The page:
For the annals, this check-up is to see how someone is doing now, who is in opposition not just to his own scientist daughter, but also to the majority of his blog readership, moreover leadership of his country (Canada) and now is in opposition to the President of the USA, giving top praise to Francis Collins’ new book in which he states (pp. 5-6) “if you thought the DNA molecule comprised thousand of genes but far more ‘junk DNA’, think again”. “A certain amount of hubris was required for anyone to call any part of the genome ‘junk’” stated Francis Collins in his earlier book. Apparently, L.M. as someone whose forte is exactly in the hubris department, feels no need to heed Francis Collins.

    The President is to follow in science matters his Science Advisers, Dr. Eric Lander (et al.) who delivered the message on the cover of Science Magazine, Oct. 9., 2009; Mr. President, the DNA is fractal!

    The gist of the paper is (with the famous Hilbert-curve on the cover), that the 2m long DNA “noodle” fits into the 6 micron-radius cell-nucleus by conforming to the “maximal density yet knot-free” fractal folding.

    The single most important lesson of ENCODE (2007) was that “the genome is pervasively transcribed”. Now we learn that mother Nature literally goes into great lengths to fold the entire DNA in a “maximally dense” manner -rather than getting rid of “needless junk”- with some of the ultraconserved elements preserved over hundreds of millions of years. It is only important to be “knot-free” if the DNA is actually transcribed – if not, why the fractal effort to keep “the junk” knot-free?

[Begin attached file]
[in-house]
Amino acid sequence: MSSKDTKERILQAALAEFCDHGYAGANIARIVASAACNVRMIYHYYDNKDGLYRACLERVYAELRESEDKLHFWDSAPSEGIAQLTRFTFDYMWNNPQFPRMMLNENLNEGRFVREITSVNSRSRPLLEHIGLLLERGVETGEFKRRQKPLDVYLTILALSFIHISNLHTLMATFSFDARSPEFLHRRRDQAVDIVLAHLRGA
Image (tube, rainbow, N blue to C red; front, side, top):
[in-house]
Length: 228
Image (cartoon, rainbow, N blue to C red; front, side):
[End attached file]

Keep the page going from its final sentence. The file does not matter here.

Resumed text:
Given his daughter’s single-word sentence, I don’t expect L.M. to ever reach an understanding of abstract concepts such as fractals. It would be too late (for him) anyway.

    FractoGene was presented at Cold Spring Harbor last September – without a single word of opposition,

    Oh yes. Yet another Continent that has long disqualified the “Junk DNA misnomer” is Australia. Professor John Mattick (of Sidney) has just gotten one of the most prestigious Australian awards, since “Professor Mattick has pioneered the theory that this ‘junk’ DNA actually specifies a hidden layer of regulatory information … scientific vision is to transform our understanding of human genomic programming..”

    Meanwhile, “ivory tower” empty debates of exactly how many percent of DNA we may not know some function became likewise superseded by utilization, just as the “Flat Earth” gang of backward hold-outs still conducts their useless “debates” – while astronauts visually observe the Globe’s roundness in their time of leisure while assembling space stations, and satellite telecommunication by transmitting stations rotating around the Globe is a business of extreme utility – though it would not be possible on the (flat) grounds.

    The Principle of Recursive Genome Function, wherein information from protein recurses to DNA (to modify e.g. the methylation pattern on the DNA – more in the “non-coding” than “coding” sequences), has been designed and presented to put into automated, practical use for consumers to practice personalized, participatory prevention, see YouTube.

    I regret if I overlooked any relative, person, science group, country, continent, abstract science thinking (etc) that L.M. is at odds. I will make up for them in the next annual check-up (2011).